How I got my stolen Cellphone back?

It couldn’t have been more than 5 mins since I left the autorickshaw, when I realised my cellphone was missing. After rummaging through my belongings, I couldn’t find my hapless Micromax Q7 — hapless because it was in a pretty bad state thanks to lil’ Idhant. Since, I had left home in a tearing hurry, I couldn’t recall well whether I had carried my cell along (and thereby forgotten it in the rickshaw) or I had just forgotten to carry it at all. On calling upon my number, it just kept buzzing, so I called up wife next to check if the phone was lying around at home. On getting a negative reply, I yet again persisted in ringing up my number and my worst fears were confirmed when after a few rings more, the cell went dead. I didn’t need an Oracle to tell me that the phrase “out of coverage area”, clearly implied that someone had heard the rings and decided to silence the puny instrument for good. And the needle of suspicion pointed to the autorickshaw driver, who was the last person who had seen my cell.

For some odd reasons, I found it hard to believe that the seemingly honest bloke, who I had chatted up while 45 mins journey, would transform into an unscrupulous knave, who wouldn’t flinch from bumming a cellphone. The driver was a North Indian, or what is often called as a ‘Bhaiyya’. He was also an educated man, medium built, dressed up neatly, presenting a picture of sobriety. But, the facts on hand said otherwise. My cell had rung a few times, before it was strangulated into silence. And going by the past experiences, especially of my father, who had lost a couple many in these rickshaws, the evidence pointed to just one thing: the arseole had decided to make merry with my phone.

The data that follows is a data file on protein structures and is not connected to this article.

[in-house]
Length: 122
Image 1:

After muttering a few many oaths under the breath, I resigned myself to the new reality. Have to buy a new cell, need to get a duplicate SIM, etc. Yet, nothing could compensate the loss of data, namely, all the contacts on the cell and yes, the pics and videos of Idhant. It was this loss that hurt the most, and like many other people who have lost their cell, it dawned upon me that it is not the hardware that you rue, but all the soft memories inside.

Fortunately, I had backed quite a few of the pics on phone, so except for the loss of my contacts, I could live another day. Also, the fact was Micromax was a low-cost stop gap for me, till an Android Qwerty hit the market (which Motorola Charm did, just a few days earlier), hence in some weird ways I was not all that sad. Hence, over the next few days, I did indeed get the phone I desired, my old number, and life was back to normal, except for the simple fact, whenever people called up on my cell, they expected a warmer greeting like, ‘Hi Abhijeet’, or ‘Bolo Jatinder’, but since I did not have any numbers, my voice was hesitant and cold.

Also, I came to realise that it was my son who missed the phone much. He loved playing songs on it and dancing to them, since, Micromax didn’t cost the moon, I was pretty lax on him handling it (not the case with the new cell). Hence, the little guy missed his music player much more than I missed my phone. But things changed suddenly as my wife started getting strange smses at 6 in the morning. Continue reading